Wednesday, May 18, 2011

The Queen in Dublin

Before the Ireland vs England rugby union international at Croke Park, Dublin, in 2007 there was widespread trepidation. How would God Save the Queen be received in a ground that was very much part of the Irish struggle for Independence?

In the event it was received with perfect courtesy - so much so that all that worry seemed rather foolish after the event. Ireland is a modern European nation: why should we have expected there to be any trouble?

The Queen's visit to Ireland is passing off in much the same spirit. Though historic, it is essentially ordinary and a little dull, as such visits tend to be.

It leaves the Republican dissidents looking foolish and stuck in a 19th-century variety of nationalism. France and Germany are allies, Poland has cordial relations with both Russia and Germany. Are we really meant to believe that Ireland has been so uniquely wronged that it cannot enjoy a sensible relationship with the United Kingdom?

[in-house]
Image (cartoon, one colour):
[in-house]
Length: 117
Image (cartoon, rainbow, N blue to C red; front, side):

Meanwhile, the way that God Save the Queen and English kickers are booed in Cardiff and at Murrayfield is surely a sign of an inferiority complex rather than of a confident, modern nationalism.


dreamingspire said...

So is an inferiority complex the legacy of Millenium rule?

Iain Sharpe said...

Is there no booing of kickers at Twickers? Even if it is the case the Scots and Welsh supporters are particularly ill-mannered towards the English, suspect it is more to do with sporting rivalry than nationalism. It can be compared with the antagonism towards Manchester United felt by supporters of less wealthy clubs.

Anonymous said...

Oppostion kickers are not routinely booed at Twickenham, no.